As a self-described ‘odd ball’, I have always known that I wanted to do something different to everyone else. Who knew that a feathered friend like no other would be just that! I spent most of my life interested in animals, I found it comforting being surrounded by feathered and furry creatures. My interest veered off towards birds and at the age of 10, Birds of Prey became my main focus. I spent lots of time reading, researching & bird watching trying to gain as much knowledge as I could. It was clear after a few years that I needed a more hands on approach to develop my interest.
My dad bought me Keye when I was 12 and he was just, 14 weeks old. He was reared by his parents so I could train him from scratch, something I believe to be very influential in the bond we built over the years. Even that early on, I knew this was going to be one of the best things I ever did, not realising exactly how important he’d be for my future career path.
It was fate, we’d been looking for a Harris Hawk for sale, far and wide, only to discover Keye was literally ready and waiting 15 minutes up the road from home. He had the most beautiful big brown eyes, the brightest yellow feet and legs and a slightly flatter head than I was expecting. He was perfect, although at this point he had no intention of coming anywhere near me, in fact I was the first human being he had ever seen, poor bird!
My infatuation with him had begun and I’d spend hours each day with him, talking, sitting together and learning about each other. I needed to get into his world and I wanted him to allow me to do so. This process is called manning, something that’s believed to be the most important part of the training method, this is the foundation for all good things to come, not to be rushed or taken lightly.
I spent months on this process, much longer than what is considered ‘normal’ but I enjoyed being around him, I loved the connection that we’d developed. He took his first flight with me in the fields behind our house. It wasn’t long before he was ready to take his first free flight, the scariest and most intense moment! Holding my breath as he took off to a tree, made a perfect landing and spun round to check where I was, he took off without hesitation and landed back on my glove. At that moment I knew that getting him was the best decision I had ever made.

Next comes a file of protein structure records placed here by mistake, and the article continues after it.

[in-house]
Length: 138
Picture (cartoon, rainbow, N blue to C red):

There were, of course, bad habits picked up along the way too, I was so young training him that we literally learnt together. He’d land on my shoulder, probably not ideal, but I loved it. I trusted everything about him, I was never in danger of being injured and in fact the entire time we flew together I never even considered it. He’d pull my hair and tug on the collar of my coat for attention, he was so cheeky and I loved his blossoming personality.
In 2012 I became a Falconer at Leeds Castle “the loveliest Castle in the world”. It was such, an amazing achievement and role, something I dreamt of for so many years and to get this far on experience alone was completely down to Keye. I’m so glad and so lucky to have had him with me every step of the way. I owe him so much, I genuinely believe that he taught me everything I now know about Falconry and gave me all the tools I need to do the job I love.
For the next 6 years he spent his days flying in the Castle’s demonstrations and flying to guests on our experience days, both of which meant he could show off his amazing flying talent and educate people on how birds live and survive in the wild.